Fremont Street, Las Vegas, Nevada
“Everyone entering town was shocked and moved by the sight of men massed in quest of work. Thomas Cave Wilson, a twenty-four-year-old newspaper reporter with a job offer from Pop Squires at the Age, arrived from Reno late one afternoon in a nine-passenger jitney. As they cruised down Fremont Street, he tapped the driver on the shoulder.
‘Is there going to be a parade or something?’
‘Why do you ask?’ the driver replied.
‘Well, all these crowds,’ Wilson said. ‘The streets are use black with people standing on the sidewalk.’
‘Those are men waiting for jobs on the dam.'” Page 185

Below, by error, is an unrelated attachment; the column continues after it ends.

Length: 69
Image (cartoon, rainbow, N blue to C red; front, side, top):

Fremont street was the epicenter of the tiny town of Las Vegas all those years ago as Michael Hiltzik spells out in Colossus. And it’s crazy, but Fremont street is still jammed with people every night of the week! Only now – people aren’t looking for jobs – but are showing up for a wild light show that takes place on a ceiling along the street. It comes with bands and dancing-girls. It’s definitely worth a stroll. And you should make a point of stopping into La Bayou. I tried to find the casinos that might have been on Fremont Street when all those dam workers flooded Las Vegas and La Bayou is one of those. However, it was called the Northern Club at the time. Incidentally, it was run by a woman – Mayme Stocker – who was also the first woman to get a gaming license in Las Vegas. Another casino that might have been visited by our dam workers was the Golden Gate. It’s been in town since 1907. It started as the Hotel Nevada, but by the time the dam workers might have been going there it would have been called Sal Sagev, which is Las Vegas spelled backward. Weird.It became the Golden Gate in 1955 when some guys from San Francisco bought it and renamed it.